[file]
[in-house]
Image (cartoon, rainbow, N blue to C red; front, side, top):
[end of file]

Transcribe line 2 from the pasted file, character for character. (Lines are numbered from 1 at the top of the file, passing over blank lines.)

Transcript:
Image (cartoon, rainbow, N blue to C red; front, side, top):